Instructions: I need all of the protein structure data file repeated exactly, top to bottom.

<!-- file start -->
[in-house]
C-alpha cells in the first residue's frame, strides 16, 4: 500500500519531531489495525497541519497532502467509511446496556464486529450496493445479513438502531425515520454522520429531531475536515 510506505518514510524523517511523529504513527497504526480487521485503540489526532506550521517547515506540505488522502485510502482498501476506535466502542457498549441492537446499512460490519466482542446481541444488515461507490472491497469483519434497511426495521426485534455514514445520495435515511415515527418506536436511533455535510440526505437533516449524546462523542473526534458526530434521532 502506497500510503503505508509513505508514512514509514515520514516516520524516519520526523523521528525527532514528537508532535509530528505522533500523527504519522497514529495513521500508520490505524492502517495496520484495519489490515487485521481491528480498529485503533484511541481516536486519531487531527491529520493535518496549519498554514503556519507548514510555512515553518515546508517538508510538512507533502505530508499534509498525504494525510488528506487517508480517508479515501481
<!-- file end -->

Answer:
[in-house]
C-alpha cells in the first residue's frame, strides 16, 4: 500500500519531531489495525497541519497532502467509511446496556464486529450496493445479513438502531425515520454522520429531531475536515 510506505518514510524523517511523529504513527497504526480487521485503540489526532506550521517547515506540505488522502485510502482498501476506535466502542457498549441492537446499512460490519466482542446481541444488515461507490472491497469483519434497511426495521426485534455514514445520495435515511415515527418506536436511533455535510440526505437533516449524546462523542473526534458526530434521532 502506497500510503503505508509513505508514512514509514515520514516516520524516519520526523523521528525527532514528537508532535509530528505522533500523527504519522497514529495513521500508520490505524492502517495496520484495519489490515487485521481491528480498529485503533484511541481516536486519531487531527491529520493535518496549519498554514503556519507548514510555512515553518515546508517538508510538512507533502505530508499534509498525504494525510488528506487517508480517508479515501481